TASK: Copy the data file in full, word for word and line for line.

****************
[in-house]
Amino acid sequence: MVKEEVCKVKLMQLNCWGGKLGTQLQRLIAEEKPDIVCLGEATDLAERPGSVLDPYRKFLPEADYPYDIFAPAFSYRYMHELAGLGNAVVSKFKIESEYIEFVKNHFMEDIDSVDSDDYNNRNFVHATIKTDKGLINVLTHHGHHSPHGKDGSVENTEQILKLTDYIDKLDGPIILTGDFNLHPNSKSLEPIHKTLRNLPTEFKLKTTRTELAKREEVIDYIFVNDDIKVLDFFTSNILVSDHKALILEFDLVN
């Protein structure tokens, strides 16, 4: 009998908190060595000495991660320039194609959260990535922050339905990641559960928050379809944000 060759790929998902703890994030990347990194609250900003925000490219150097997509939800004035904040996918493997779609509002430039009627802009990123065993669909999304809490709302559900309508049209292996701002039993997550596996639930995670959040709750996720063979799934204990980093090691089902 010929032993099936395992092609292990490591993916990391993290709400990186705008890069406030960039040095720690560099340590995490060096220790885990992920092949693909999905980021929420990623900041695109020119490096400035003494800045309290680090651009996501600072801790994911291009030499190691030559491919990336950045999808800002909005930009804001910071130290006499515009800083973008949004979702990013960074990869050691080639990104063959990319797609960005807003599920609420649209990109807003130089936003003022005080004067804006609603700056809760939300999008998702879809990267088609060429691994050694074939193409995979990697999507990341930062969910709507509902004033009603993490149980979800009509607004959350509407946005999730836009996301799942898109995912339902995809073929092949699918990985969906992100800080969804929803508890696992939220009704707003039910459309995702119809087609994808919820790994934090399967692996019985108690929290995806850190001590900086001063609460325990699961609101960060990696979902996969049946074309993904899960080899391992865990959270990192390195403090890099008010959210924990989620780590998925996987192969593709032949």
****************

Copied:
[in-house]
Amino acid sequence: MVKEEVCKVKLMQLNCWGGKLGTQLQRLIAEEKPDIVCLGEATDLAERPGSVLDPYRKFLPEADYPYDIFAPAFSYRYMHELAGLGNAVVSKFKIESEYIEFVKNHFMEDIDSVDSDDYNNRNFVHATIKTDKGLINVLTHHGHHSPHGKDGSVENTEQILKLTDYIDKLDGPIILTGDFNLHPNSKSLEPIHKTLRNLPTEFKLKTTRTELAKREEVIDYIFVNDDIKVLDFFTSNILVSDHKALILEFDLVN
């Protein structure tokens, strides 16, 4: 009998908190060595000495991660320039194609959260990535922050339905990641559960928050379809944000 060759790929998902703890994030990347990194609250900003925000490219150097997509939800004035904040996918493997779609509002430039009627802009990123065993669909999304809490709302559900309508049209292996701002039993997550596996639930995670959040709750996720063979799934204990980093090691089902 010929032993099936395992092609292990490591993916990391993290709400990186705008890069406030960039040095720690560099340590995490060096220790885990992920092949693909999905980021929420990623900041695109020119490096400035003494800045309290680090651009996501600072801790994911291009030499190691030559491919990336950045999808800002909005930009804001910071130290006499515009800083973008949004979702990013960074990869050691080639990104063959990319797609960005807003599920609420649209990109807003130089936003003022005080004067804006609603700056809760939300999008998702879809990267088609060429691994050694074939193409995979990697999507990341930062969910709507509902004033009603993490149980979800009509607004959350509407946005999730836009996301799942898109995912339902995809073929092949699918990985969906992100800080969804929803508890696992939220009704707003039910459309995702119809087609994808919820790994934090399967692996019985108690929290995806850190001590900086001063609460325990699961609101960060990696979902996969049946074309993904899960080899391992865990959270990192390195403090890099008010959210924990989620780590998925996987192969593709032949």